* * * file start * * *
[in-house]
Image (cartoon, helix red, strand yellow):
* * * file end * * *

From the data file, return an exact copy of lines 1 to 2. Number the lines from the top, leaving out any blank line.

[in-house]
Image (cartoon, helix red, strand yellow):